Stanford University researchers have developed two curricula for Girl Scouts to use energy more efficiently: one on energy use at home, and the other in transportation and food. Both courses were effective for girls in the short term, and the home energy course was effective for girls in the long term and for parents in the short term. This AGU talk will describe deployment of the curricula to Girl Scout troop leaders via a massive open online course.
An investigation into factors related to disparities of depression in young adults has found that higher parental education -- which has a protective effect for white youth -- can also increase the risk of depression for black youth by increasing the discrimination they experience.
A poll of the Russian public, conducted by The Associated Press-National Opinion Research Center for Public Affairs Research, was released today. The poll, which includes a nationally representative in-person survey of 2,008 Russian adults taken between Nov. 22 and Dec. 7, 2014, found that President Vladimir Putin is extremely popular.
Illinois is the most critical hub in the network of US domestic food transfers, according to a new study at the University of Illinois at Urbana-Champaign. According to the report, the US food network moves more than 400 million tons of food annually. Of that total, more than 70 million tons are transported through Illinois, the most of any state in the nation.
Almost half of teen drivers killed on US roads in the past few years were driving vehicles that were 11 or more years old, and often lacking key safety features, reveals research published online in Injury Prevention.
The high-dose flu vaccine is significantly better than the regular flu shot at boosting the immune response to the flu virus in frail, older residents of long-term care facilities, according to the results of a University of Pittsburgh School of Medicine study. It is the first evaluation of the vaccine in long-term care residents, which is the population most vulnerable to flu-related death.
The Rosetta spacecraft caught up with the comet known as 67P/Churyumov-Gerasimenko beyond Mars this August, and its preliminary results--along with the studies it will allow in the near-future -- top this year's list of the most important scientific breakthroughs, according to the editors of Science. This annual list of groundbreaking scientific achievements, selected by Science and its international nonprofit publisher, AAAS, also includes groundbreaking advances in medicine, robotics, synthetic biology, and paleontology, to name a few.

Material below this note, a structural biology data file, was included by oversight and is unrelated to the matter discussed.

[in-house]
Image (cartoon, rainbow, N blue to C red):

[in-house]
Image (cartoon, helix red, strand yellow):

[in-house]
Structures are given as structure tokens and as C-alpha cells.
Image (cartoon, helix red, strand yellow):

A new study released today presents powerful evidence that clearing trees not only spews carbon into the atmosphere, but also triggers major shifts in rainfall and increased temperatures worldwide that are just as potent as those caused by current carbon pollution. Further, the study finds that future agricultural productivity across the globe is at risk from deforestation-induced warming and altered rainfall patterns.
A new study has found that sensitive caregiving in the first three years of life predicts an individual's social competence and academic achievement, not only during childhood and adolescence, but into adulthood. The study used information from 243 individuals who were born into poverty, came from a range of racial/ethnic backgrounds, and had been followed from birth to age 32 as part of the Minnesota Longitudinal Study of Risk and Adaption.
Social anxiety is one of the most common psychiatric disorders among children and adolescents. A new study has found that together, the quality of parent-infant relationships and early childhood shyness predict the likelihood of social anxiety in adolescence. In this longitudinal study, researchers studied 165 European-American, middle- to upper-middle-class adolescents who were recruited as infants.